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Bargaining like a Pro: Flea Market Tips and Tricks

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Going to the flea market can be a fun and family-friendly way to spend a morning or afternoon. It’s also a great way to pick up some really killer steals on premium, hand-crafted items, such as furniture, lighting, rugs and more. One of the things that most people forget, or don’t realize, about flea markets is that prices don’t really exist. A flea market is an old world, bazaar-style marketplace that is a throwback to the days of the barter system.

You can get some really super deals on great products, as long as you know how to haggle. Haggling is essentially a negotiation, between merchant and buyer, over a price that that lets both parties can walk away from the transaction satisfied.

Here are a couple of bargaining tactics that you can keep up your sleeves to ensure that you get the best deal possible on all items you get from a flea market!

Indoor vs Outdoor

While you are likely to find great deals on many items, there is a difference that exists between outdoor and indoor flea markets. Namely they are dependent on your particular region, climate and what season it happens to be – for example, if you live in the Midwest and want to go thrifting during the winter, you are going to have to find an indoor flea market. Whereas in balmier areas, you would need to find one that is outdoors. There are a variety of directories you can use to find indoor flea markets in your area if you don’t know where to start.

Put Your Poker Face On

Even if you spot the item that is exactly what you were hoping to find – do not act overjoyed. This signifies to the merchant that you really want this item and may cause them to hold firm on a set price. Pick up the item, note the price, then continue looking at the other items. After a little bit of feigned perusal, come back to the item and quietly express your interest.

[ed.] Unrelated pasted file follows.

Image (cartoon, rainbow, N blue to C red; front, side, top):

Know Your Price Ceiling

Before beginning the bargaining process with the vendor, know how much you are willing to spend on the item and stick to it. Being firm in your price ceiling will make you appear confident to the vendor about how much you are willing to pay. The vendor will most definitely have a number in their head about how low they are willing to go on an item. Haggling is all about finding that sweet spot between your price ceiling and the vendor’s lowest sale cost.

Go Low, But Not Too Low

Your starting offer should be around half of what you are actually willing to pay for it – then the merchant will give you his price, which will be lower than the original ticket price. Be prepared to go back and forth with the merchant a few times, you will eventually find the sweet spot.

However, do not insult the merchant by going too low right out of the gate. Also, when you begin engaging the merchant in haggling, they assume that you are eventually going to make a purchase. If you are not positive about wanting to make the purchase, do not engage the merchant.

Hesitate

Many flea markets will be the home of some premium used or hand-crafted items, but If you see any flaws – don’t be afraid to point them out and hesitate about the price. Use damages to your advantage! If you’re stuck in a standstill with the vendor, be sure to point out the chip in the woodwork.

If the vendor’s final offer is still too high, hesitate and look worried. Then say that you’re going to look around and think about it – this will likely cue another round of bargaining by the vendor. Remember, they don’t make money by not selling anything.

But, the most important rule of all is to have fun! Don’t feel too defeated if you don’t get the item at exactly the price you were hoping for – it’s all part of the game!

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